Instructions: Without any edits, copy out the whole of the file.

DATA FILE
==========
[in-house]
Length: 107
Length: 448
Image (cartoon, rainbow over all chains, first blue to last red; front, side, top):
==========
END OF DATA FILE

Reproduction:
[in-house]
Length: 107
Length: 448
Image (cartoon, rainbow over all chains, first blue to last red; front, side, top):